MPs have reiterated calls for a Seasonal Agricultural Workers Scheme (SAWS) to be reintroduced, or else face labour shortages and increased food prices.
Speaking at a parliamentary debate on the scheme on Thursday afternoon (6 July), former Efra committee chairman Neil Parish MP said a new scheme was “essential” and “urgently needed” to ensure the UK did not face a “labour cliff edge” after leaving the EU.
Approximately 80,000 seasonal workers are employed in the UK every year, with most of those coming from the EU, according to the Countryside Alliance.
“Without these workers, British fruit & veg would potentially rot in British fields, and that’s the last thing we want,” said Parish.
Farming minister George Eustice responded to the calls by saying the SAWS transition group would meet again to discuss the issue, and that the Home Office “intends to commission the Migration Advisory Committee to look at the UK labour market and our reliance on EU migrant labour across sectors”. Its work would include looking at a new SAWS, he added.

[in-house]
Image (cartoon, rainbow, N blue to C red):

The NFU and industry bodies including the British Growers’ Association have been calling for the reintroduction of SAWS for several months, amid fears of a lack of labour across UK farms both in the run-up to and after Brexit.
In May alone, there were more than 1,500 unfilled vacancies on British farms, according to the NFU.
However, the government rejected these calls in March, saying there was “no evidence” the food sector faced any difficulties attracting migrant labour.
Several MPs called on the government to introduce a scheme urgently, as problems could be seen on farms as early as the apple season, which begins in September.
Parish also called on retailers to “step up to the plate to make sure we’re getting a good price for an excellent [British] crop”.